Chapter VIII: 1934: Emergence of "New Wave" of St. Louis Players. 1934: McClure Wins 2nd American Zone Qualifier for World’s.
With the 1934-35 season underway, the Dec. Topics showed that, in addition to President Stewart, Treasurer Cinnater, Recording Secretary Frank B. Nusbaum (an Indianapolis attorney), Executive Secretary Clark, and Editor Zeisberg, the reorganized USTTA now had 18 Vice Presidents, each representing the following State Associations: California, Illinois, Indiana, Iowa, Kentucky, Massachusetts, Michigan, Minnesota, Missouri, Nebraska, New Jersey, New York, Ohio, Pennsylvania, Virginia, Washington/Oregon/Idaho, West Virginia, and Wisconsin (2).
Some Midwest players and officials on the scene at this time were: Bernie Hock, later famous for making custom bats for the hard-rubber stars, now just starting his career out of New Albany, Indiana as local ‘34 Falls Cities Champ (the three Falls Cities were Louisville, KY and New Albany and Jeffersonville, IN); Lester Adams, who in Feb., ‘35 (in the absence of McClure) would rally from two games down to defeat Joel Inman in the final of the Indiana Open; ‘34 Milwaukee Champ Willard Batzle; Minnesota’s best, Ed Sirmai; Eddie Robinson, ‘34 Mississippi Valley Champion; Irl Marshall, President of the Wisconsin Association, who’d be succeeded by another well known bat-maker, C. B. MacCrossen; Cleveland’s Harry S. Wahle, who in June of ‘35 would replace Coleman Clark as Executive Secretary of the USTTA; and, with three years of APPA ranking experience already behind him, Reginald G. Hammond, who was just beginning his tenure as USTTA Ranking Chairman.
The Eastern PPA, with its well-organized Westchester clubs, held off defecting from the APPA for a few months at the beginning of the ‘34-35 season, but by mid-Dec., after Ruth Aarons, Jimmy Jacobson, and others had joined the USTTA, resistance dissipated. Indeed, as early as June of ‘34, Schiff and Berenbaum had been welcomed at a YMHA tournament in Mt. Vernon--formerly an APPA stronghold--where, after downing Jack Hartigan in the semi’s, Sol again beat Abe in the final.
Eastern PPA players dominated the Aug. 4 Provincetown, Massachusetts Quiniela --with the annual Silver Cod trophy for the men going to Sam Silberman and the Bronze Dolphin for the women going to Chicago’s visiting Helen Ovenden. Perhaps it’s this summer in Provincetown that Jimmy Jacobson, collegiate-like, is "towing a six-foot shark around behind his Ford--towing it with legitimate fisherman’s pride at first, and with growing consternation as he was faced with the problem of disposing of it" (TTT, Oct., 1938, 10).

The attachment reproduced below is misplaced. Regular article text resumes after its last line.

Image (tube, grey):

Emergence of Strong, Young St. Louis Players
The Aug. 31, 128-entry Cleveland Great Lakes Open that started the USTTA’s ‘34-35 season was significant for two reasons. It was the first of a series of pre-American Zone tourneys won not by Sol Schiff but by Abe Berenbaum, and it marked the first appearance in Topics of three of the great St. Louis players of that era: Robert "Buddy" Blattner, Bill Price, and Garrett Nash.
This Great Lakes tournament was also unique in that it was held outside, before 1,000 spectators, on 40-50 tables set up at the Euclid Beach Amusement Park. Though it may surprise some, Ervin Brody, whom we’ll see later befriending U.S. teams abroad, tells, in an article he sent to me in June of ‘91, of the famous open-air Pollak table tennis parlor in Budapest where the world-class Hungarians of the ‘20’s and ‘30’s played. And Ruth Aarons will write why two of those great players--Barna and Bellak--stress the advantages of outdoor play. It "teaches you ball control and though at times it may be very funny and difficult to play in the wind, there is no better training for a player. It teaches quick change of strokes and gives training not possible in any other way" (TTT, Nov., 1937, 7).
Here by Euclid Beach’s windy waters Schiff said that the players played with the heavier Parker ball. "But even so," he said, "there was so much wind that sometimes I’d hit the ball and it’d go 20 feet off the table." Sol, who just a year ago last June had won an open-air West New York City Playgrounds tournament, was beaten in the quarter’s by Chicago’s Morty Ladin who earlier had rallied from being 2-0 down to one of Milwaukee’s best, Duane Maule.
New York Metro Doubles Champs Schiff and Solomon (Seymour would succeed Bernie Joel as Executive Secretary of the NYTTA) were upset by "two surprising kids" from St. Louis--Price and Nash. Blattner, another kid, was a felt force too--losing in close (19, 29, 19) games to Schiff in an early round. In less than two years Blattner’s picture, his name in headlines, would be on the cover of Topics as World Doubles Champion with Jimmy McClure.
Price, while a student at Central High, began playing table tennis at the local Y and thereafter taught others an all-around game there. Blattner at 13 was sneaking into a place called John’s Pool Hall where his "older baseball-playing friends taught him how to play table tennis on a wooden board on top of a pool table"*--which in the basement of my home in Dayton, Ohio, playing with my father in the late 1930’s, is how I myself learned the game.